Satgumbad Mosque Dhaka

About 50 yards away from Alakuri’s Mosque lies the famous Satgumbad Mosque (pl. 44.1&44.2). It stands on the northern edge of a swampy pool, which formerly constituted the course of Buriganga river, now receded farther back to a mile distance. [Now it is further away.] During the rains, on approaching in a boat along the river, the white plastered mosque presents a picturesque view. Tradition ascribes the building of this mosque to Nawab Shaista Khan, and the graceful style that permeates through it suggests that it must have been constructed by about A.D. 1680.
Satgumbad Mosque  Dhaka

Satgumbad Mosque Dhaka

Satgumbad Mosque  Dhaka

Satgumbad Mosque Dhaka

 
A small modern gateway leads into the mosque compound. The mosque is an oblong structure, measuring 58’ long by 27’ wide externally, with hollow octagonal towers, 12’ wide, instead of the usual minars at each of the four corners. These towers are of two storeys, each story having arched panels and windows, surmounted with chhajja, and are crowned by domes with lotus finials. The main facade has three entrances with four-centred arches, the middle entrance slightly larger than the others, all under higher arches with angular half domes. The central high arch is multicusped, while the flanking ones have cusped ornament applied to their outer faces. The central opening is seen in a slightly projecting bay and bordered by circular ornamental minarets. The whole facade is panelled with niches, and is topped by a battlemented cresting, above a band of modern blue colouring. A similar cresting caps the two stages of the corner towers. The roof is covered with three domes which, with the four domes over the towers, give the name Satgumbad (locally pronounced Satgumbaz), “seven domed” to the building. The domes – central one larger than the others – have a basal course of merlons, and terminate in lotus finials. Internally they are carried on pendentives, and as, on the outside, have a basal course of petals. On the west there are three mihrabs, one in each bay ornamented with applied cuspings.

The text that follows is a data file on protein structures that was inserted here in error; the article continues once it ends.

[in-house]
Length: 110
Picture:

By the side of compound gate, on the right, is a modern grave of some faqir, who died about thirty years ago. Recently another grave of the former Mutawalli has been added. About 100 yards to the north-east from this mosque are the ruins of two brick-built tombs, which had formerly “basalt doorframes and marble Jails,” but now both the structures have fallen to the ground. Au lad Hasan notes the popular tradition that here lie buried two daughters of Shaista Khan.
Beyond the Satgumbad mosque stretches the wide expanse of the Buriganga, which affords nice game birds in the rains and winter. A boat-trip onward gives the most pleasurable diversion that one can have in Dhaka.

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